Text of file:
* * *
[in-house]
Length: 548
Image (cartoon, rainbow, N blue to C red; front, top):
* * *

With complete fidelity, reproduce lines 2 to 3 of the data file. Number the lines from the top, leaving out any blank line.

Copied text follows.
Length: 548
Image (cartoon, rainbow, N blue to C red; front, top):